|The Penny journals catered to the revival of interest in the Gaelic-speaking past and its literature, and in a specifically Irish culture and identity (poetry, short stories, novels, music). The writing was of a high quality, including some of Mangan's best-known poems and translations. All three journals had large wood engravings by professional illustrators.|
"- Telegraph! Racing special! |
- What is it? Myles Crawford said, falling back a pace.
A newsboy cried in Mr Bloom's face:
- Terrible tragedy in Rathmines! A child bit by a bellows!" (U7.966)
"Usual blarney." (U7.984)|
Blarney means deceptive nonsense, or smooth flattering talk. Blarney is a village in S. Ireland near Cork.
|Blarney Castle (15c.) in Co. Cork is the site of the Blarney stone.|
|Kissing the Blarney stone is said to impart powers of eloquence and persuasion. It is a favourite tourist activity!|
|"Wonder is that young Dedalus the moving spirit. Has a good pair of boots on him today. Last time I saw him he had his heels on view. Been walking in muck somewhere. Careless chap. What was he doing in Irishtown?" (U7.984)|
"RAISING THE WIND |
- Nulla bona, Jack, he said, raising his hand to his chin. I'm up to here. I've been through the hoop myself. I was looking for a fellow to back a bill for me no later than last week. Sorry, Jack. You must take the will for the deed. With a heart and a half if I could raise the wind anyhow." (U7.995)
|"J.J. O'Molloy pulled a long face and walked on silently. They caught up on the others and walked abreast." (U7.1000)|
"-When they have eaten the brawn and the bread and wiped their twenty fingers in the paper the bread was wrapped in, they go nearer to the railings." (U7.1002)|
From a Dublin guide (1895): "No stranger should fail to ascend Nelson's Pillar, as from its summit, which is securely railed through, a map-like view of the surrounding city and delightful panorama of the neighbouring country may be obtained. To the north, in clear weather, the Carlingford and Mourne mountains, in the county of Down, are distinctly visible; to the east is Dublin Bay; to the south, Killiney and the Wicklow mountains, extending far into the distance; and to the west are the Dublin hills, with their beautiful wooded bases stretching towards the rich plains of Meath and Kildare."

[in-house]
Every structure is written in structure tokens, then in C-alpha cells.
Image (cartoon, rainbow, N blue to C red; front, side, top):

"- Something for you, the professor explained to Myles Crawford. Two old Dublin women on the top of Nelson's pillar. |
SOME COLUMN! - THAT'S WHAT WADDLER ONE SAID
A PC showing the view from the top of Nelson's pillar (1920s), looking towards Upper Sackville street.
- But they are afraid the pillar will fall, Stephen went on. They see the roofs and argue about where the different churches are:" (U7.1004)|
A PC (published by Hely's) showing the view from the top of Nelson's pillar (1903), looking towards Lower Sackville street. We can see the statues of Sir John Gray and O'Connell. This photo was taken during the Royal Visit to Dublin in July 1903; the city was lavishly decorated for the occasion.
|"Rathmines' blue dome," (U7.1011)|
|Rathmine's blue dome is the Roman Catholic 'Church of Mary Immaculate Refuge of Sinners.' It was built in 1854 'in the greek style' by Patrick Byrne, and later extended by W.H. Byrne who added a portico and pediment. The pediment is inscribed 'Mariae Immaculatae Refugio Pecatorum.'|
"Adam and Eve's, Saint Laurence O'Toole's. But it makes them giddy to look so they pull up their skirts..." (U7.1012)|
I do not have (yet) an image of St Laurence of Toole's church, but this is a photo of Father Thomas O'Donnell, who was its Parish Priest end of 19c.
"THOSE SLIGHTLY RAMBUNCTIOUS FEMALES |
- Easy all, Myles Crawford said. No poetic licence. We're in the archdiocese here.
- And settle down on their striped petticoats, peering up at the statue of the onehandled adulterer." (U7.1014)